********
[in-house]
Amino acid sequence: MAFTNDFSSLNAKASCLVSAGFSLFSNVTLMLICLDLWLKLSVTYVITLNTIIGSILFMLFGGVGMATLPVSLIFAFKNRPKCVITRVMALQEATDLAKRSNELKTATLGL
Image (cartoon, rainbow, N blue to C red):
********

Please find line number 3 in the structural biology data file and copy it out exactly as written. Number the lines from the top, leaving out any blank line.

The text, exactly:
Image (cartoon, rainbow, N blue to C red):